Dr. Brynn Winegard: It’s such a good question. I think it is relative to some degree. Recently, a cab driver asked me that question on my way to a talk in Chicago. In a hurry, I had to figure out how to answer his question in a succinct way. I said, “You know, sir, really the answer is to stop comparing yourself. It’s contentedness in oneself.” As I thought about it after, it stood up to scrutiny. It’s a good starting place for understanding it. That when you look around, you’re not thin enough. You’re not pretty enough. You’re not rich enough. You don’t have a good enough education. You don’t have a big enough house. Your car isn’t nice enough, etc. On and on, the list goes. What we know is that people who have less of a delta between their aspirational self or ideal self and their actual self are happier. So, the one line sound bite is to stop comparing yourself to others. The secret to your happiness is to feel as though what you have is enough, and who you are is enough.
You asked another question about whether happiness is the end goal. I don’t know that it is. I often talk about the fact that emotions are functional. You’re supposed to have emotions. They are supposed to feel uncomfortable, and that the reason for that, from a biological or evolutionary perspective, is to motivate action and behaviour. If, as an example, you’re feeling something, I often say to people, clients and audiences, don’t try to repress or deny that. Don’t ignore feeling something, especially that intuitive self that pops up and says, “Hey, this doesn’t feel quite right.” Because it’s there to remind you that a situation isn’t maybe in your best interest or to motivate you toward action.
I think it’s also a good question to ask, “Should we feel happy all the time?” No, I don’t think we should. But we also shouldn’t never be happy. It’s an inverted U curve, right? There’s never feeling happy at one end, which is an absolute recipe for depression, despair and hopelessness. And there’s always feeling happy, which is a recipe for naiveté and lack of progress. In the middle, there’s a happy medium or middle space that comes from a lack of self-comparison and healthy acknowledgement that emotions such as discomfort and unhappiness are functional in moderation.
GW: I couldn’t agree with you more. I love the idea of radical self-acceptance when you’re not comparing yourself to other people. That’s crucial. I also think you have to stop comparing yourself to yourself too, or if you do, stop comparing yourself to what you think you should be and rather that just paying attention to where you are. Maybe glance back and see where you’ve been and how far you’ve come as a way of dealing with this gap between what we do feel and what we should feel. I love that you’ve latched onto that, and also that you’re thinking about the fact that it’s okay not to be happy. It’s great to be happy, that’s phenomenal, but you shouldn’t expect to be happy all the time. It’s okay to feel the spectrum of what humans are capable of feeling.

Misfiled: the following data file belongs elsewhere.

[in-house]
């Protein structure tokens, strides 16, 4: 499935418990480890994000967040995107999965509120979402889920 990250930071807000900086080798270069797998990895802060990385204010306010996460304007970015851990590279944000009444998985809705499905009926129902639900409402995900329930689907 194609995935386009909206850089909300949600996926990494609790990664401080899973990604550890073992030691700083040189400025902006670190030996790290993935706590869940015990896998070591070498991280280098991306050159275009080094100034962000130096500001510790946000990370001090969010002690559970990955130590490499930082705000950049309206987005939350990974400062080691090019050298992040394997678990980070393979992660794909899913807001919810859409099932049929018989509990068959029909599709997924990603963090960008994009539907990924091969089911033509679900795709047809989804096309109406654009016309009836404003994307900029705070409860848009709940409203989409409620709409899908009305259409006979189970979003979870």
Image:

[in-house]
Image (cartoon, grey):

BW: Yeah, absolutely. A couple of things there. One is that social psychologists have long known that social comparison to others, both upward social comparison and downward social comparison, are harmful, right? If you’re looking to others who have done way better than you, then you’re absolutely going to feel this huge delta in terms of their state and your state, and you’re going to feel like you’re not good enough. You haven’t achieved enough. And if you’re looking downward to others, then you have this inflated sense of how much you’ve accomplished and how great you are. And that’s also not a functional head space.
But to your point, looking back on your own history and saying, “Look how far I’ve come,” I think absolutely can be very helpful. I think there is a healthy difference between who you want to be or where you want to head, and where you are today. I think some of that, in moderation, can help you get out of bed in the morning and motivate you forward. It can give you a mind’s eye picture of who you want to be and what you want to achieve. But I think as that delta grows greater and greater, it becomes increasingly toxic. At that point, it’s hard to climb out of what might otherwise be a healthy, motivating, helpful and hopeful emotion. I can easily become depressing, despairing and hopeless.
Turning fear into action
Dr. Greg Wells: A little while ago, you talked about fear and terror. I’d love to get your perspective on that from a psychological perspective. What is fear? Why does it happen? Why is it good for us? Why is it important? But then also how do we deal with fear and minimize its negative effects on our lives or use it in a positive way to move us forward?
Dr. Brynn Winegard: You are right, there are benefits to feeling fearful. Having a healthy level of imagination about what can go wrong, could go wrong, might go wrong, and what is out there that is threatening us can be good, because the opposite is naiveté and that’s not going to be helpful.
There are three things, basically, that you can do with fear.